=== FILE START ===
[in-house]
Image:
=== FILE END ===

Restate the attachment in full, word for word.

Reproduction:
[in-house]
Image: